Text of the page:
Before The Miz challenged Curtis Axel for the Intercontinental Title, we had an in-ring segment where the recently-fired Vickie Guerrero, who for some reason was still here at MITB on the pre-show panel, tried to give herself a farewell address only for the fans to reject it, as well as new Raw GM Brad Maddox, who played a video of Vickie’s most embarrassing moments in WWE. This went on too long and would have been more suited to Raw than a PPV event. It was only ended when Miz came out, meaning that for perhaps the first time ever, fans were genuinely happy to see The Awesome One (I kid).
Miz vs. Axel, or Axel vs. Miz if you prefer, was alright. Miz is still a babyface, but it’s still a little hard to truly get behind him due to his arrogant, narcissistic ways. Axel continues to receive a moderate push by WWE, despite unnecessarily losing a non-title match to Chris Jericho recently. The two matched up fairly well and delivered a solid but unspectacular match. Axel will be happy with his performance (as will Miz, to be fair), but he still needs to show something else if he is to live up to the potential that WWE and Paul Heyman have tagged him with. Speaking of Heyman, Miz had him ejected by using Eddie Guerrero-style tactics (pretending that Heyman interfered when he hadn’t), which usually would be an effective spot, but in ECW country, it was the equivalent of a red rag to a bull. It didn’t really affect the outcome, though, as Axel beat Miz cleanly to retain the gold. Thanks to Miz removing the ECW owner from play, this resulted in Axel being cheered for his win.
We then had a rematch from Payback, and a welcome one in this case, as AJ Lee defended the Divas Championship against Kaitlyn. These two blew everyone away at the last PPV event by delivering the best women’s match seen in WWE for many years, possibly ever (seriously). And they delivered again here with another fine, logical and well-executed match which put most of the other females on the roster to shame. It was slightly less enjoyable than their Payback match, but I think that was because nobody was expecting the Payback bout to be as good as it was, whereas for this rematch at Money In The Bank, people realised that it would be good (and it was). In terms of execution, it may have been superior to the Payback match, but it lacked the element of surprise as far as its quality, thus resulting in this rematch having a lesser impact.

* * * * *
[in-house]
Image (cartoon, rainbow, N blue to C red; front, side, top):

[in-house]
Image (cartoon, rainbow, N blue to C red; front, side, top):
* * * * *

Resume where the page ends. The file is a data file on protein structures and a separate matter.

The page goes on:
As stated, though, this was still very enjoyable, and had we not seen them meet at Payback, people would be saying that this was the best WWE women’s match for many years, if not ever. The story of the match was that AJ continuously worked on the arm of Kaitlyn, not only weakening it for her Black Widow submission, but also to reduce Kaitlyn’s chances of winning if she were to hit her own finishing move, the Spear (too many people use that nowadays, by the way). And her plan paid off handsomely: following some good exchanges and a strong comeback by the challenger, Kaitlyn did hit the Spear, but her arm did prevent her capitalising, and AJ did take advantage by slapping on the Black Widow, which resulted in a submission victory. Kaitlyn fortunately didn’t burst into tears afterwards to ensure that hardcore fans booed her, as she did at Payback. Unusually, I hope that this female feud continues, because their matches have been exceptional by the standards of the women’s division.
Next up, Chris Jericho battled Ryback. This felt like a filler feud for both established stars, and that’s what it proved to be; bear in mind that part of the reason for this happening was that Jericho had been chastising the Big Guy with chants of “Cry-Back!” Even by the often-childish standards of Y2J’s sense of humour, this was a tough one to buy. It still meant a fresh match between a popular veteran and one of WWE’s newest stars, though, so it was still a welcome addition to the PPV.
Ryback dominated much of the match, although his periods of control were probably a little too slow and drawn-out. This heel turn of Ryback’s still doesn’t make sense to me, and after losing his feud to John Cena at Payback, even matches like this won’t make up for main event scenarios, which Ryback could be waiting a long time to attain again. Jericho made a good comeback and brought the occasionally-disinterested crowd back into the match, and after some nice exchanges and close calls (a Codebreaker by Y2J almost saw Ryback counted out; credit to the heel on this occasion that he didn’t walk away satisfied at losing in this fashion and ran back into the ring before the 10-count), Ryback won in slightly anticlimactic fashion when a missed Lionsault allowed the Big Guy to roll Jericho up for the pin. Ryback remains the recipient of a decent push, then, but as stated his main event adventures could be limited going forward. Match quality was okay, but I expected slightly more.